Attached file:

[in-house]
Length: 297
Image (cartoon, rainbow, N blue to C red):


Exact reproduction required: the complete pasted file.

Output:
[in-house]
Length: 297
Image (cartoon, rainbow, N blue to C red):